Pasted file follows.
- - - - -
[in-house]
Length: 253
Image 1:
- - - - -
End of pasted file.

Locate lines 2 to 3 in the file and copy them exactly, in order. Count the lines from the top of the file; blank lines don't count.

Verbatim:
Length: 253
Image 1: